Sergeant Thompson also paid special respect to those who served in the Vietnam War, as he felt they were the forgotten soldiers. He always made a special effort to honor them in any way he could.

After he returned home from WWII, Sergeant Thompson and his brothers moved to California, where he met his wife. Luckily, she was also from Minnesota. They got married and had three little girls. Sergeant Thompson loved to do woodwork with his daughters. With hard work and dedication, Sergeant Thompson became the Supervisor of Field Training for the Maytag Company, where he worked for over 35 years.

Sergeant Thompson was loved by everybody. He was unique, joyful, and pleasant. He always had a sense of humor, regularly went to church, and enjoyed many friendships. Sergeant Thompson loved America, and he loved the Army. Mayor Pro Tem of Downey, Rick Rodriguez had close ties with Sergeant Thompson, stating  that “he was like a father to me, and I, his son.”  Sergeant Thompson brought joy into every room he entered. His infectious smile and gregarious character made people of all ages gravitate towards him. He will be greatly missed by all those who knew and loved him.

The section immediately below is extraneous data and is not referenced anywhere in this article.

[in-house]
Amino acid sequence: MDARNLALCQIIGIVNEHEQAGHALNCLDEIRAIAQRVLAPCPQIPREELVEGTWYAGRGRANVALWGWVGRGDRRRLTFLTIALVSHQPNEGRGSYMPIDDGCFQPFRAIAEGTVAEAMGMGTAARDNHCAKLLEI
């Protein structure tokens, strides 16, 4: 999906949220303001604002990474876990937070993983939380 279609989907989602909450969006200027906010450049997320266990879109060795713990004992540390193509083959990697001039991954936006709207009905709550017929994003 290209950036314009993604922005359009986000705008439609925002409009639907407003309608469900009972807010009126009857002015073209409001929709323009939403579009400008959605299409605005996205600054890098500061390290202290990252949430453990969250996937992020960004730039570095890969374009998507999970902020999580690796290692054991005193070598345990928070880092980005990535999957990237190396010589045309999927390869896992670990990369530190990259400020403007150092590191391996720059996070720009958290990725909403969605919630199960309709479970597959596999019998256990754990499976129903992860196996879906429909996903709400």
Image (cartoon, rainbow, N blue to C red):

Sergeant Thompson passed away on March 12, 2018 in Downey, California with his devoted family and friends by his side, on hospice.


Reflections on Sergeant Thompson from a close cousin:
“A little over a year ago, a huge celebration, attended by over 300 friends and family, was held to honor an incredible man, my dear Uncle Kenny, my Dad’s brother, as he turned 100. I was born on his and aunt Vivian’s first anniversary, which made him present in 100% of my life. And present he was, caring and compassionate, faithful and spiritual, so funny, clever, witty, and eternally optimistic. If you left his home in a bad mood, you just weren’t paying attention. I was his favorite niece….his only one! He always called me on my birthday, singing in perfect pitch, and was never hesitant to say, “I love you.” A proud WWII/Battle of the Bulge Vet and patriot, he revered the ever-present American flag on the pole in his front yard. Until recently, he unfailingly raised and lowered it each day. He also loved to decorate his home for every occasion, and a lot was never too much!